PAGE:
12 Songs, 41 Minutes

EDITORS’ NOTES

By the time his third album was released in 1990, Lyle Lovett had devised a term for his unique blend of Americana-country-crooner music. He didn’t make big band music; he made “Large Band” music. The corresponding album fleshes out the austerities of his first two efforts by adding a full-fledged horn section for a refreshingly out-of-place rendition of “The Blues Walk,” a flash of bluesy bebop written by trumpeter Clifford Brown in 1955. The cabaret-performance vibe runs throughout the program, from its blues (“Here I Am”) and jazz ballads (“Good Intentions”) to its handsome turns into country classicism (“I Married Her Just Because She Looks Like You”). A boldly pronoun-unaltered rendition of Tammy Wynette’s “Stand By Your Man” is just one of many indications that Lovett wasn’t interested in the old conventions. He was, however, fond of the old sounds. In imitation of a long all-night jam session, this joyful album winds down with a series of quiet acoustic numbers. The best is “Which Way Does That Old Pony Run,” a simple cowboy ballad played with the smoldering sensuality of Al Green.

EDITORS’ NOTES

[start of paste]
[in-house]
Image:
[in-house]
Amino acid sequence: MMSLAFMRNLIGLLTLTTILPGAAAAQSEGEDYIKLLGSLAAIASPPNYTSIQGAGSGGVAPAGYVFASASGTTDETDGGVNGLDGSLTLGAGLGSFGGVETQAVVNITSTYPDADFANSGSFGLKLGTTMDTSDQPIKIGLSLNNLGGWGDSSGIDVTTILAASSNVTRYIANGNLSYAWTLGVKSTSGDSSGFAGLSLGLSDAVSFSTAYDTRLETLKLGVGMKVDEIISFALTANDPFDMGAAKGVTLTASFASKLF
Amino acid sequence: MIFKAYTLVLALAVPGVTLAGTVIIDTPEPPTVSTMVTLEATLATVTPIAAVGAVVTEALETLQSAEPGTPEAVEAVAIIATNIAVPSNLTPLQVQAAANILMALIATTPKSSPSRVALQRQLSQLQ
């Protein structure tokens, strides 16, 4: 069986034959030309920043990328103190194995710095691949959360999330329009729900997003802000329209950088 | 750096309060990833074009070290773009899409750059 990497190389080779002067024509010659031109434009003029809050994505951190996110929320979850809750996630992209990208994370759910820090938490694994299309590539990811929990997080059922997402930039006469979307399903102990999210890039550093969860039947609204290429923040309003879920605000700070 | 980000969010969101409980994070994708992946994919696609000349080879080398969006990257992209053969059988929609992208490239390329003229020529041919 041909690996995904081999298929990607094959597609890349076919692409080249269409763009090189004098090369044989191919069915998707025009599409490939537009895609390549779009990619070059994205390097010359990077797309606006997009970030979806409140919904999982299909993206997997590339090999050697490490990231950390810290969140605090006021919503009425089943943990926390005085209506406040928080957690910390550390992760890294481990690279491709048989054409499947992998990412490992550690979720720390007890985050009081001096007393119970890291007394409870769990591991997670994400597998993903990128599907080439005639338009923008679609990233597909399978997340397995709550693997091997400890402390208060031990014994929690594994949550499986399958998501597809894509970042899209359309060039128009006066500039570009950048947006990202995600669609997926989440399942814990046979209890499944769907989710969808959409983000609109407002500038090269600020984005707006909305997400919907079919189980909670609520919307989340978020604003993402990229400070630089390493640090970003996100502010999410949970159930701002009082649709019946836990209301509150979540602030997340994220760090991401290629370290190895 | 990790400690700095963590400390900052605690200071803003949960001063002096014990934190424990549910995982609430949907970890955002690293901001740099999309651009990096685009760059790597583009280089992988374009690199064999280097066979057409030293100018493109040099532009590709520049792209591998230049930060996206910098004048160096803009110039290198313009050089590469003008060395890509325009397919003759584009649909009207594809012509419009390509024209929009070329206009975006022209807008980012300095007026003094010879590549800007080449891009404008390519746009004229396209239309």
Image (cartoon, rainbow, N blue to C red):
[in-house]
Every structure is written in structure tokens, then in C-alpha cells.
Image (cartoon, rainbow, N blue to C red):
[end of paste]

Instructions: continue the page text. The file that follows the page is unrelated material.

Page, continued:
By the time his third album was released in 1990, Lyle Lovett had devised a term for his unique blend of Americana-country-crooner music. He didn’t make big band music; he made “Large Band” music. The corresponding album fleshes out the austerities of his first two efforts by adding a full-fledged horn section for a refreshingly out-of-place rendition of “The Blues Walk,” a flash of bluesy bebop written by trumpeter Clifford Brown in 1955. The cabaret-performance vibe runs throughout the program, from its blues (“Here I Am”) and jazz ballads (“Good Intentions”) to its handsome turns into country classicism (“I Married Her Just Because She Looks Like You”). A boldly pronoun-unaltered rendition of Tammy Wynette’s “Stand By Your Man” is just one of many indications that Lovett wasn’t interested in the old conventions. He was, however, fond of the old sounds. In imitation of a long all-night jam session, this joyful album winds down with a series of quiet acoustic numbers. The best is “Which Way Does That Old Pony Run,” a simple cowboy ballad played with the smoldering sensuality of Al Green.

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